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Award Winning Cop Exposed as Thief After Stealing $30K in Cash, Drugs & Guns from Own Dept

Simpsonville, KY — Guns, drugs, and $30,000 stolen from an evidence locker at the Simpsonville Police Department on November 6th had police and the community scratching their heads — until Kentucky State Police apparently solved the mystery when they arrested award-winning Officer Terry Putnam on the job last week.

Putnam, however, maintains his innocence.

“Didn’t do it. That’s all I can say,” Putnam stated as news crews filmed him being loaded into the back of a police cruiser after his arrest January 7.

While a police officer stealing from his own department seemed shocking to most people, some of Putnam’s neighbors weren’t so surprised.

“You know, I said all along that I thought he had something to do with it,” neighbor Cary Dobbs told WLKY. “And come to find out, it might be true.”

Dobbs, who lives down the street, watched as investigators searched the officer’s home the day the officer was arrested and said he’d had issues with Putnam previously. “I mean, it’s kind of bad because he’s the one that’s supposed to be protecting and serving and here all along, he’s out harassing people and doing drugs and you know, he’s the one stealing them,” he said.

Though not originally believed to be an inside job, Putnam — an officer with 23 years of experience, including two and a half years on the Simpsonville force — is now the sole suspect.

“When they arrived on scene, [the burglary] appeared to be a forced entry, but through the investigation, I think that’s changed,” stated KSP Trooper Bernie Napier. Putnam is charged with several counts of theft, criminal mischief, and tampering with evidence. As part of the investigation, all Simpsonville officers submitted to polygraph tests, though the findings have not been made public.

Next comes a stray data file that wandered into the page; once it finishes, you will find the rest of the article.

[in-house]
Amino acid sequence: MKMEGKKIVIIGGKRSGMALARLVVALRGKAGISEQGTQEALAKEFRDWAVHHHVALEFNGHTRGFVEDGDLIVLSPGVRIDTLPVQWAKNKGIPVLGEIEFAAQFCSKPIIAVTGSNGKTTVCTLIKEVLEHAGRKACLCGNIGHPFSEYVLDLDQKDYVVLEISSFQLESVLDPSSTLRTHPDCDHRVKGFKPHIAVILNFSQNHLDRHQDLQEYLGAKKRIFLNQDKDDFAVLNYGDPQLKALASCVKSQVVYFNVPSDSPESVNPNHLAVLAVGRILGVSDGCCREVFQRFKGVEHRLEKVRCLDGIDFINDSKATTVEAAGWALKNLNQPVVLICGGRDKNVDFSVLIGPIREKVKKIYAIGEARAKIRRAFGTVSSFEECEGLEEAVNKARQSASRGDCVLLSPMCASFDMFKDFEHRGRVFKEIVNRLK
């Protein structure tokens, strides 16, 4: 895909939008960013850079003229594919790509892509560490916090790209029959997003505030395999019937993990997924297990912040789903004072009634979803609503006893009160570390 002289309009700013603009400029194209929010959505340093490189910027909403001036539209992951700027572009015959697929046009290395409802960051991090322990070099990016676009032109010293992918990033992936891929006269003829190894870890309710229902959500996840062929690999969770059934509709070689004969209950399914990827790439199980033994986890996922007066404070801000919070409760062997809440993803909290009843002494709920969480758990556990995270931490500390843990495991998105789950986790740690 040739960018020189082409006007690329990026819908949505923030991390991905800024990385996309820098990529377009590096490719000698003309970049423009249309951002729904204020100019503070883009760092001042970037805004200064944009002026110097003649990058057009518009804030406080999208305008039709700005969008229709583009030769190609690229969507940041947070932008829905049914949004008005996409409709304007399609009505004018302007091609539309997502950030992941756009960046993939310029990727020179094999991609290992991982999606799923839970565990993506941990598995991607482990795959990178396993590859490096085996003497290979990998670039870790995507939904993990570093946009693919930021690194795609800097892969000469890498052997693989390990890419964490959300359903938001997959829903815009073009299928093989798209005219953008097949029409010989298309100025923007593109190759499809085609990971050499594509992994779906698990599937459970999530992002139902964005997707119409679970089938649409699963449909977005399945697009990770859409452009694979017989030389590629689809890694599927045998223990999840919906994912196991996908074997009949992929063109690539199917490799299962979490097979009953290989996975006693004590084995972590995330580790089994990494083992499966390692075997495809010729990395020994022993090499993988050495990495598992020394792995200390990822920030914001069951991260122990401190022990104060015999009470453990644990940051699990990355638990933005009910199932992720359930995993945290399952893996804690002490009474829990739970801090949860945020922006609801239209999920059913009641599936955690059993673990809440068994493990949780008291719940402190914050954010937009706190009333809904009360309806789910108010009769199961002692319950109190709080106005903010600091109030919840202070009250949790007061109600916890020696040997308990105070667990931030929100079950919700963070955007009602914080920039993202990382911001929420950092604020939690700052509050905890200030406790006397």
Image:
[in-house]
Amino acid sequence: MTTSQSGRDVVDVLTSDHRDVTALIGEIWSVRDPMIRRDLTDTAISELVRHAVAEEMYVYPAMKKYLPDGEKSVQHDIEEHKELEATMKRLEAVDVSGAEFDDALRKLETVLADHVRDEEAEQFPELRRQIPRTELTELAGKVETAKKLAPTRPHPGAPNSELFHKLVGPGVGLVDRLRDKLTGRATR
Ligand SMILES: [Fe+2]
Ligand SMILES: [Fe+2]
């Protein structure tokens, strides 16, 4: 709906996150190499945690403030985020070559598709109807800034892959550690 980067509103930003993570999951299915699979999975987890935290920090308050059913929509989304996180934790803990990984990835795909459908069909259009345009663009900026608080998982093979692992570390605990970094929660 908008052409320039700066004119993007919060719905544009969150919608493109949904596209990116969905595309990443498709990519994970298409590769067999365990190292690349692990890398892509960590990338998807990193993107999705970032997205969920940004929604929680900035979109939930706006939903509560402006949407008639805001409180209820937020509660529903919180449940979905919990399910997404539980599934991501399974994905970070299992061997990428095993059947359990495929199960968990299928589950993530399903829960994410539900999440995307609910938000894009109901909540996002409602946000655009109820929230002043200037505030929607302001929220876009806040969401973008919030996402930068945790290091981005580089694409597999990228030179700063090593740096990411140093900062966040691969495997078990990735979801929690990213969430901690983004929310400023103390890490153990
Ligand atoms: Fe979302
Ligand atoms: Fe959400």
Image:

On Tuesday, Putnam appeared before a judge to request a lower bond because he’s been receiving threats in the Oldham County jail — since he’s a cop.

“His incarceration is much worse than anyone else’s in that position, because of 24-7, lights-on isolation, not because of specifically anything he did in the jail, but based upon what he did for a living prior to this charge,” attorney Brian Butler told the court. “He’s advised me he’s already had three credible threats made by inmates in that jail.”

Bond for the officer has been set at $50,000 cash or $100,000 in property.

“But a person who has been acting as a police officer for as many years as [Officer Putnam], surely he should have taken that into consideration when he chose to steal from the evidence room,” argued prosecuting attorney Laura Witt.

The judge denied the request for lower bond, and Putnam is due for another court appearance later this month.

“It probably does put us in a little bit of a bad light,” Trooper Napier said. “I think the light that should show, is that we’re willing to police our own.”

Larry Sutherland, who lives behind the Simpsonville Police Dept., was disappointed to find out a cop was responsible for the crime. He asked rhetorically, “If you can’t trust the people in your backyard who are supposed to protect your community, who can you trust?”

The irony here is that the $30K in cash, the drugs, and the guns were all stolen from someone else by this department. However, since this theft was sanctioned by the state, it’s called justice.

What should also be pointed out is that had Putnam not stolen from his own peers, and simply taken the money from someone off the street, his fellow officers would have likely looked the other way.

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